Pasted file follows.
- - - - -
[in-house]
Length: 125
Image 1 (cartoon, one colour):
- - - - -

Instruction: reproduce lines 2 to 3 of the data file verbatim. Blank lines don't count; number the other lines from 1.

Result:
Length: 125
Image 1 (cartoon, one colour):